The 1951 United Nations Convention relating to the Status of Refugees, as amended by its 1967 protocol defines a refugee as a person who "owing to a well-founded fear of being persecuted for reasons of race, religion, nationality, membership of a particular social group, or political opinion, is outside the country of his nationality, and is unable to or, owing to such fear, is unwilling to avail himself of the protection of that country..."

    Who cannot be a refugee?
    The United States will not recognize persons who have participated in war crimes and violations of humanitarian and human rights law, including the crime of terrorism, as refugees. They are specifically excluded from the protection accorded to refugees.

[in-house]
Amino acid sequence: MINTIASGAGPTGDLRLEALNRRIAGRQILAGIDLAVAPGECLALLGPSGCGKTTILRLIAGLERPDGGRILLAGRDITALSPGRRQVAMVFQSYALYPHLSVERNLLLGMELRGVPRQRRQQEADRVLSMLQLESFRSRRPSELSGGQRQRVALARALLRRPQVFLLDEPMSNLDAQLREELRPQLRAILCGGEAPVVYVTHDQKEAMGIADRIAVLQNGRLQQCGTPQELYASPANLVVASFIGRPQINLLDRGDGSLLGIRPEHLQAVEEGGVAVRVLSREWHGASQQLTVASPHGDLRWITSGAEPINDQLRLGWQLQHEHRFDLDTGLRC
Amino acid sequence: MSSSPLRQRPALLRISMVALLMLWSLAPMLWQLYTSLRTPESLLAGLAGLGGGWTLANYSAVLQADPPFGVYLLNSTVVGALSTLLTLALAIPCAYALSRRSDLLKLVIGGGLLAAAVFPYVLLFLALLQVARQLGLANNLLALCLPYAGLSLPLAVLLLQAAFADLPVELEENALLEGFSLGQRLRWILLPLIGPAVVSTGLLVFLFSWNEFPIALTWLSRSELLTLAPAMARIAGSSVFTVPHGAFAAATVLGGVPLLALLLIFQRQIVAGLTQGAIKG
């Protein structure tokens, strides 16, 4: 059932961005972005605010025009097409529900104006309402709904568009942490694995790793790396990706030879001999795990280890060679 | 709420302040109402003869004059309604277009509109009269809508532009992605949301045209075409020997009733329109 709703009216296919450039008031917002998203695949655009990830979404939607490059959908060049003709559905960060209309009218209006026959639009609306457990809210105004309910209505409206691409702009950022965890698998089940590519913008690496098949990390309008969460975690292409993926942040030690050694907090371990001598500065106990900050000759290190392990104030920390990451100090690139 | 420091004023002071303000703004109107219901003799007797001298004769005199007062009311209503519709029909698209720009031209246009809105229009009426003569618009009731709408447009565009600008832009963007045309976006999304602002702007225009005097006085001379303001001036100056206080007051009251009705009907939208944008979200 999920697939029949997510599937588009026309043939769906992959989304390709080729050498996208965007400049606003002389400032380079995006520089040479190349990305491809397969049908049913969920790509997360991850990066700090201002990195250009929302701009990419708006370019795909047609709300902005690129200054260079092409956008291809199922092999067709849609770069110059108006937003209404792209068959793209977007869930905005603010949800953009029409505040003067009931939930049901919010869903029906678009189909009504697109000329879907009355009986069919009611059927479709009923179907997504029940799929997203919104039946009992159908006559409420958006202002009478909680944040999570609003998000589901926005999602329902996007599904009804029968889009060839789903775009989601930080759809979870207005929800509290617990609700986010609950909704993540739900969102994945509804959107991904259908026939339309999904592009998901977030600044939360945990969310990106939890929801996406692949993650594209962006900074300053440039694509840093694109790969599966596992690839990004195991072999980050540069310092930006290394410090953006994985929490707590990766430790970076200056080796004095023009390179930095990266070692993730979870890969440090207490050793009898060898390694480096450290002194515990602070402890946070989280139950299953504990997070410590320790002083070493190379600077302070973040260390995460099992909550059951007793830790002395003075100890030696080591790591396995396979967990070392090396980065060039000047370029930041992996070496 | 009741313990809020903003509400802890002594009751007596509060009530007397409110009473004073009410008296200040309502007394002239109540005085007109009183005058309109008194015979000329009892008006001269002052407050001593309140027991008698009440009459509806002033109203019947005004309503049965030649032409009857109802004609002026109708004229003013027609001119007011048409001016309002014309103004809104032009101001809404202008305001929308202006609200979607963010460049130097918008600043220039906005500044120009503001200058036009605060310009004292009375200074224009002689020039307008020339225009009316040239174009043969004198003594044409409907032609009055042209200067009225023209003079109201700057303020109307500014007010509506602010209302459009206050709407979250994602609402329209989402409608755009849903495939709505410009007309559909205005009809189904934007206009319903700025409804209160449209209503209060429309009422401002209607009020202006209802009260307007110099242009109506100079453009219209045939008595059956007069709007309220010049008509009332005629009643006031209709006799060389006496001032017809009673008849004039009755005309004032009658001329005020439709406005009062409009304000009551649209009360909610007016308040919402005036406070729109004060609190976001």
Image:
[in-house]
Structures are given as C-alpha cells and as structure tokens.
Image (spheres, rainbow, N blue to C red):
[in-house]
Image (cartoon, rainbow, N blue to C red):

What is the difference between a refugee and a migrant?
    Refugees are forced to flee their homes and seek safety in another country, often times without warning. Migrants are people who make a conscious decision to leave their countries to seek a better life elsewhere.

    How many refugees and displaced persons are there, and who makes up the majority of the refugee population?

    Right now there are more than 60 million forcibly displaced people in the world, according to the United Nations refugee agency, UNHCR. Just over half were uprooted by conflicts in Syria, Afghanistan and Somalia.

    Half of all refugees are children.

    What are the options for resettlement?